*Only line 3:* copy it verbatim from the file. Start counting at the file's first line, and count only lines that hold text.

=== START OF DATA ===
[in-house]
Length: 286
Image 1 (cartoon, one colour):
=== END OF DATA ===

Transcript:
Image 1 (cartoon, one colour):